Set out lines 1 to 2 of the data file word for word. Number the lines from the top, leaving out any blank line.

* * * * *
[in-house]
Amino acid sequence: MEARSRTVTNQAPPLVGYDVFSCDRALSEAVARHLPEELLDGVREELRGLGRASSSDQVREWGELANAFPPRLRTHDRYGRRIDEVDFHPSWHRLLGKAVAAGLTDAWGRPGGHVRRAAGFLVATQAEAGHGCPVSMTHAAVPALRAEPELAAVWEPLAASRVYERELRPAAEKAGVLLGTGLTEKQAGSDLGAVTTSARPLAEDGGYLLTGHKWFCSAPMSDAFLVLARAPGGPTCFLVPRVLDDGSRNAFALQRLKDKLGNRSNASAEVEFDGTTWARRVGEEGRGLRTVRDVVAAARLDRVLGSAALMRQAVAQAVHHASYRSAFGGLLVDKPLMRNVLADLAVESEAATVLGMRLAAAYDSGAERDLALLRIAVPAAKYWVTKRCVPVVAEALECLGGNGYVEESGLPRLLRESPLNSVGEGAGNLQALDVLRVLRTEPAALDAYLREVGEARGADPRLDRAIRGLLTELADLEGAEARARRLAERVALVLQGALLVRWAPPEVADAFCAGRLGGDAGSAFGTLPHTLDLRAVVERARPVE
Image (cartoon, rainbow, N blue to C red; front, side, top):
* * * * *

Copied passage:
[in-house]
Amino acid sequence: MEARSRTVTNQAPPLVGYDVFSCDRALSEAVARHLPEELLDGVREELRGLGRASSSDQVREWGELANAFPPRLRTHDRYGRRIDEVDFHPSWHRLLGKAVAAGLTDAWGRPGGHVRRAAGFLVATQAEAGHGCPVSMTHAAVPALRAEPELAAVWEPLAASRVYERELRPAAEKAGVLLGTGLTEKQAGSDLGAVTTSARPLAEDGGYLLTGHKWFCSAPMSDAFLVLARAPGGPTCFLVPRVLDDGSRNAFALQRLKDKLGNRSNASAEVEFDGTTWARRVGEEGRGLRTVRDVVAAARLDRVLGSAALMRQAVAQAVHHASYRSAFGGLLVDKPLMRNVLADLAVESEAATVLGMRLAAAYDSGAERDLALLRIAVPAAKYWVTKRCVPVVAEALECLGGNGYVEESGLPRLLRESPLNSVGEGAGNLQALDVLRVLRTEPAALDAYLREVGEARGADPRLDRAIRGLLTELADLEGAEARARRLAERVALVLQGALLVRWAPPEVADAFCAGRLGGDAGSAFGTLPHTLDLRAVVERARPVE